Scholarship on the state control of social movements has predominately focused on overt repression, resulting in comparatively less attention to more covert forms of control. Researchers have suggested that government surveillance of social movement organizations (SMOs) has become increasingly widespread and routinized in the post-September 11, 2001 era, but this hypothesis has remained untested. Since contemporary surveillance is grounded in a logic of information gathering that has diffused across law enforcement agencies since the September 11 attacks, government actors now cast a wide net and monitor a large variety of groups. This study shows that a result, traditional factors predicting surveillance, such as contentious behavior, have less explanatory power. Using a database of 409 SMOs active in Philadelphia between January 1996 and October 2009, the research asked who and why particular groups are monitored by the Pennsylvania Office of Homeland Security (PA-OHS) between November 2009 and September 2010. Bayesian logistic regression analysis is used to examine the variables predicting surveillance. Findings show that 23% of the SMOs in the sample were targets of surveillance. Organizational ideology was the strongest predictor and there was little evidence that history of contentious protests or previous conflict with the police influenced coming under surveillance. However, groups with less visibility in traditional media sources were more likely to be monitored.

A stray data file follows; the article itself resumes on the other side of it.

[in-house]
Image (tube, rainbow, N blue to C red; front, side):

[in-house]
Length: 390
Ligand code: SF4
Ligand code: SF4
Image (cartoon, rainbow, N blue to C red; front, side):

Rafail, P. (2014), "What Makes Protest Dangerous? Ideology, Contentious Tactics, and Covert Surveillance", Intersectionality and Social Change (Research in Social Movements, Conflicts and Change, Vol. 37), Emerald Group Publishing Limited, pp. 235-263. https://doi.org/10.1108/S0163-786X20140000037026Download as .RIS
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